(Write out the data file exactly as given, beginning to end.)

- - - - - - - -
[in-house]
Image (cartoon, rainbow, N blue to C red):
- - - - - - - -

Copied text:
[in-house]
Image (cartoon, rainbow, N blue to C red):